These vital final stages involve the serve and the return of serve. This is the most important area of the warmup and these two stages should last the longest and be the most specific. Make sure you practice your serve to both sides (Deuce & Add court) and hit both first serves and second serves. If you have the ability to create multiple service motions (flat serve, slice serve, kick serve) then find time to practice all three. The serve is always recognized as the most important shot in the game, therefore, it requires the most time to ensure it is ready to go when all players are ready to compete. Serve softly to begin and gradually build up to a full-on first serve. Try to hit at least 12 warmup serves in total – this should ensure your arm is ready to deliver a big first serve when the moment arrives for the first point.
And don’t forget to hit some return of serves. Practice your split-step as your opponent delivers his/her serve and find out if you can handle the pace and spins of the serve coming your way. Remember, the return of serve is not a groundstroke – it’s a return of serve that has its own specific technique. That’s why it’s imperative you focus on hitting a few returns – it’s a great way to scare your opponent (show them you can handle their best serves with ease). In the match, if this is the case, they will likely over-hit their serve and register a very low first serve percentage. The serve & return portion of the warmup should last about three minutes if you stretch the entire warmup out to six minutes.
And please don’t be one of the many who says “first in (sometimes first in both sides)” prior to your first service game of the first set. If you’ve taken the time to sufficiently warm up your serve, you don’t need the safeguard of ‘first in.’ This is a terrible habit that does not bode well for serious match play.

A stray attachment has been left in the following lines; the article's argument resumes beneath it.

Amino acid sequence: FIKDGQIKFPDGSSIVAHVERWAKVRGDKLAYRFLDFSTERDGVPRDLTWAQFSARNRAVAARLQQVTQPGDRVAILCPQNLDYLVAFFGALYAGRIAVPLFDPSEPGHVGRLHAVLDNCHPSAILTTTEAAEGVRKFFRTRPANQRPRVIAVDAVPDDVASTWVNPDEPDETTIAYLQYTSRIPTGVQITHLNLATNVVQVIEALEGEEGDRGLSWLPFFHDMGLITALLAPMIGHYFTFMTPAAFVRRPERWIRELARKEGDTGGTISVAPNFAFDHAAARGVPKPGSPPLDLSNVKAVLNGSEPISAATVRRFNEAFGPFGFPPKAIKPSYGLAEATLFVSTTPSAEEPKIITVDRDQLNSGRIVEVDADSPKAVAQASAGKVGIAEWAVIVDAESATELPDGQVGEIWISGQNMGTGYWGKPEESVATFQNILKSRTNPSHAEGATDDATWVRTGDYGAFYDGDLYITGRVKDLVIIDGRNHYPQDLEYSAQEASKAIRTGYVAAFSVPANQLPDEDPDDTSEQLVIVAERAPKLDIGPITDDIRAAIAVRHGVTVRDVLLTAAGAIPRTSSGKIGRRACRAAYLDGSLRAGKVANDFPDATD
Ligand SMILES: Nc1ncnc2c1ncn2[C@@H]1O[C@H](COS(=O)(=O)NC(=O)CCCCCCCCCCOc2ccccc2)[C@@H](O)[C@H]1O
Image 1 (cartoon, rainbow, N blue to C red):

Stages one through six should last about three minutes and stages seven & eight (the serve and return part of the warmup) should last about three minutes. If tennis players could keep their warm ups this scripted and this timely, everybody would have a lot more fun playing the game they love.
Many of you reading this article compete on the Mayfair Clubs tennis ladder. Ladder matches are extremely short (first to eight games) and getting off to a good start is imperative if you’re looking for success. Adopt my strategies for the warmup and I bet, in your next ladder match, you’ll get off to a rocking start and set the tone for the rest of the hour!
A good beginning usually means a strong finish – so treat the warm-up with importance and respect and you’ll see a major difference in your performance as you continue to strive for excellence.